Two of the combat encounters – against the six kobolds and the six goblins – were significantly shortened by the use of Sleep spells, which incapacitated half of the monsters in the first round. Without the use of the Sleep spell, these encounters would have lasted a good deal longer. The results are likely influenced by the low level of monsters the party faced during the combat encounters. Combat speed is likely to increase as monsters present a greater challenge, although this is likely to be balanced with player options that are more deadly as well.
First Impressions of D&D Next
I enjoyed my time with D&D Next. It was great to simply play D&D and take a break from the DM role. Our ongoing Scales of War campaign in 4th Edition has experienced a variety of scheduling snags in recent weeks so it has been a while since the homicidally brave Dragonborn Rogue, J’hari Wrex, has allowed me to stretch my player legs! Playing a Wizard was also a nice change of pace from my Melee-based Rogue. As the combat rounds moved along faster – and the Wizard has Magic Missile, which never misses – damaging and killing monsters each round was certainly enjoyable. Rolling with advantage is also a joy as it can greatly increase the probability of hitting with an attack. As a player, I imagine the increased speed of combat rounds would keep everyone more engaged at the table.
In terms of specific mechanics, it seemed odd that I my Wizard could walk up to any monster, unleash Shocking grasp and then retreat without facing any penalty. It was great fun, and it led me to daydream about creating a Wizard with increased speed who could dart around the battlefield like an elemental ninja inflicting the Five- Point Palm Exploding Heart Technique on monsters! I know quite well that attacks of opportunity and interrupts slow down game play in 4th Edition, but it seems that there should be some cause for pause for a Wizard to zip in and out of the battle fray
Our Cleric (Moradin) really focused on his Guardian Theme and combined that with the Dodge action during many rounds of combat. Besides increasing his AC and Dexterity saving throws, it also forces disadvantage to an attack made against an ally within five feet. He made quite the effective front-line tank while the rest of the party disposed of other monsters. This combination was very effective in tight spaces as monster were bottle-necked and did not have many options other than retreat.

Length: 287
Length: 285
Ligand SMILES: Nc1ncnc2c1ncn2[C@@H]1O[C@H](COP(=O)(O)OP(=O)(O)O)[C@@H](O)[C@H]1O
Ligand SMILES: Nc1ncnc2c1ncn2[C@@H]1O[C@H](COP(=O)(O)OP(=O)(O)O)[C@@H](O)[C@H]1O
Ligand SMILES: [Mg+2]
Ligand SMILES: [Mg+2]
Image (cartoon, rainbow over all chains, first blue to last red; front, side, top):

Out of combat, the game did not feel much different at all compared to 4th Edition sessions. The party explored a town, interacted with NPCs and learned about a variety of quests. Instead of being asked to roll for a Diplomacy or Intimidate check, party members were asked to roll Wisdom or Charisma checks. The DM later explained that he enjoyed the new system because 4th Edition skills felt too limiting (I’m paraphrasing):
Before Intimidate was tied to Charisma but what if a Fighter wanted to Intimidate by making a huge display of strength like picking up a boulder and smashing it to the ground? That shouldn’t be a Charisma check; it should be a Strength check. As a DM, I now have more flexibility to decide what check is required.
The lack of Skills did seem to free players up to try different things when usually they might not because of being untrained in a specific skill. It did not come up often but it would be something to keep in mind during future portions of the D&D Next playtest.
Finally, a brief thought on gold. Our first foray into the caves resulted in each member of the party getting 35 gp. As a Wizard, it did not seem like there was anything worthwhile to buy from the available Adventuring Gear. In general, the party bought Healer’s kits, Healing potions and an assortment of basic gear. After acquiring the basis gear needed for exploration, I wonder what items players will have to buy. I previously discussed how the economy in 4th Edition does not make sense and the cost of magic items is rather insane. I am curious to see how the economy in D&D Next is handled. I wonder why a Spyglass is 1,000 gp! For the price of one Spyglass, a party can buy 20 Healing potions; what is more valuable to the survival of the party?
I look forward to continuing the adventure provided with the D&D Next playtest materials. Specifically, I can only imagine the fun scenarios that involve Professor Giroux’s cat familiar exploring ahead of the party and delivering touch spells to an unsuspecting monster!